90th Annual Academy Awards - Show

Out at the Oscars - Celebrating LGBTQ Films and Filmmakers

Kevin Winter/Getty Images

The 90th Academy Awards saw LGBTQ films and filmmakers breaking barriers and making a splash, from movies like "Call Me by Your Name" to the creators of the animated-winner, "Coco."

James Ivory, Best Adapted Screenplay David Crotty/Patrick McMullan via Getty Image James Ivory, Best Adapted Screenplay At 89 years old, James Ivory became the oldest winner of a competitive Oscar. "Call Me By Your Name," the story of a summer of love between 17-year-old Elio and a suave grad student, Oliver, began as a novel in 2007. It was James Ivory who painstakingly adapted Andre Aciman's book to bring it to life on the big screen, infamous peach scene and all. “Whether straight or gay or somewhere in between," Ivory said in his acceptance speech, "we’ve all gone through first love and come out the other side in tact."
"Coco," Best Animated Feature Film Dia Dipasupil/Getty Images "Coco," Best Animated Feature Film Adrian Molina (left) thanked his husband and Darla K. Anderson (right) thanked her wife when accepting the award for best Animated Feature Film for their work on "Coco." The film, a celebration of Mexican culture, featured characters with backgrounds not usually seen in Hollywood blockbusters. "Coco is proof that art can change and connect the world and this can only be done when have a place for everyone and anyone who feels like an 'other' to be heard," said Anderson. Her co-producer Lee Unkrich (pictured center) added, "Marginalized people deserve to feel like they belong. Representation matters." "A Fantastic Woman," Foreign Language Film Kevin Winter/Getty Images "A Fantastic Woman," Foreign Language Film The Chilean film "A Fantastic Woman" tells the story of a transgender woman grieving following the death of her partner. The star of the film, Daniela Vega, made history earlier in the night as the first openly transgender person to present an award at the Oscars. When accepting the Oscar, director Sebastian Lelio thanked Vega, whom he called "the inspiration for this movie." Yance Ford, Nominee, Documentary Feature Kevork Djansezian/Getty Images Yance Ford, Nominee, Documentary Feature (Pictured with his wife)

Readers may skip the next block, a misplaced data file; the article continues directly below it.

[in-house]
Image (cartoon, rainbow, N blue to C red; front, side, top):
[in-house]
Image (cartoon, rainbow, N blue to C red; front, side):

Though he did not take home the Oscar, Yance Ford made history as the first openly transgender director to be nominated for an Academy Award. His documentary film, Strong Island, tells the story of the murder of Ford's older brother in 1992 and the racial biases in the subsequent investigation. On making Oscars history, Ford told ABC News, "When I was young I didn't see anyone who was trans like me anywhere in the movies, and if by being a visible trans nominee can help any young person anywhere know that they will be OK, I embrace that and I wave that flag proudly."
Dee Rees, Nominee, Best Adapted Screenplay ANGELA WEISS/AFP/Getty Images Dee Rees, Nominee, Best Adapted Screenplay (Left, pictured with her partner, Sarah M. Broom, right)

Dee Rees, the trailblazing queer filmmaker, made history as the first black woman to be nominated for best adapted screenplay. Though she did not win, her film, "Mudbound" received a total of four Oscar nominations. The film, adapted from a 2008 novel, tells the story of two families, one white and one black, in Mississippi during World War II. Until now, Rees was best known for her 2011 film "Pariah," a semi-autobiographical story of a queer black teenager coming to terms with her identity.
Rachel Morrison, Nominee, Cinematography ANGELA WEISS/AFP/Getty Images Rachel Morrison, Nominee, Cinematography Rachel Morrison, of Mudbound, made history by becoming the first woman, and the first out lesbian, nominated for an Academy Award in Cinematography. "There's no stopping us," Morrison told The Hollywood Reporter when her nomination was announced. Adam Rippon, Olympic Bronze Medalist, Best Dressed on the Red Carpet Frazer Harrison/Getty Images Adam Rippon, Olympic Bronze Medalist, Best Dressed on the Red Carpet Oh wait... there's no Academy Award for best dressed. But come on, Rippon and that harness deserve an honorable mention on this list, right?
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